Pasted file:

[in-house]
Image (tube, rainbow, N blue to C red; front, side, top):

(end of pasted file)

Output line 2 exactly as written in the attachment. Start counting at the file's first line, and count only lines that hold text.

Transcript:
Image (tube, rainbow, N blue to C red; front, side, top):